Product stewardship is a way of managing the impacts of certain products and materials through the agreement that everyone involved in producing, selling, using and disposing of products has a shared responsibility to ensure that those products or materials are managed in a way that reduces their negative impact – throughout their lifecycle, on the environment and on health and safety.
RedCycle is a working example of plastic product stewardship, and at the time of writing, it seems to be working successfully in Australia.
RedCycle has teamed up with a large number of well-known food brands to establish collection points for soft ‘scrunchable’ plastics at supermarkets throughout Australia. Everyone pays a voluntary levy to cover the responsible collection and recycling of packaging.
And one of those materials they can recover is the quality woven polypropylene film that is used to package most horse feeds (read more about this here).
The materials they recover are delivered to Australian manufacturing plants for recycling into a variety of secondary products (but they can’t be turned into their former selves).
Buy quality and reuse! Good quality plastic has many advantages. Products made with quality plastic can be repaired and reused for other purposes. Good quality plastic is also more easily recycled. Cheap plastic becomes brittle, breaks up into micro plastics that end up in landfill or washed away into waterways.
So, if you love the convenience of plastic products, choose trusted brands and products made with quality plastic, then find ways to reuse and/or recycle.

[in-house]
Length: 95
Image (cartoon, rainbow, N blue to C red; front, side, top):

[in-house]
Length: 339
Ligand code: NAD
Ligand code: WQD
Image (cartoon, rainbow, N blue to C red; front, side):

You can check the range of products made by companies like Replas (who sell a wide variety of timber-like products), as well as Downer or Close the Loop, who use the soft plastic to build roads made completely from recycled materials.
And while this system is an example of success, there are still many challenges.
I spoke with David Hodges, Managing Director of Plastic Forests, an Australian owned and operated business manufacturing products such as garden edging and wheel stops from soft plastics recovered by RedCycle.
“The biggest thing we are lacking is people buying recycled products” he says. “We can have a farmer send us three tonnes of plastic mulching film but they don’t buy three tonnes of recycled plastic products in return.”
He explains that some products are made more cheaply overseas using virgin plastic and there is an urgent need to establish more stewardship programs and other incentives to make Australian recycled products more competitive in the market.
“I can be the recycling hero and take all the [empty feedbags] from the horse industry” says Hodges, “but all the time horse people don’t buy Australian made recycled products in return, [because the cost of collection and processing makes them more expensive than the imported ones], we are losing the battle.
“We’re saving landfills, we’re creating jobs, there’s an economic benefit doing this in Australia” he continues. “But we are competing against imported products and this is why we don’t have a manufacturing and recycling industry in Australia.”
Over to you…
It seems the so-called ‘war on waste’ will have to be led by us – the end users – because plastic producers (oil companies) are planning to drown us in it. As demand for gasoline and diesel fuels wanes (think electric vehicles), fossil fuel companies are set to increase the production of petrochemicals (i.e., plastics).
How does the circular economy work?
- You encourage the design and manufacture products that are made from recycled materials (rather than virgin resources), that can be repaired and/or recycled back into the system;
- You establish repair centres as part of this design and manufacture process, so that items can be repaired;
- You establish collection systems so that items unable to be repaired are collected, rather than disposed of in landfill;
- You ensure that there is adequate and appropriate recycling facility infrastructure in place, taking into account location and sorting capacity; and
- You encourage manufacturers to purchase recycled materials, thereby closing the production loop.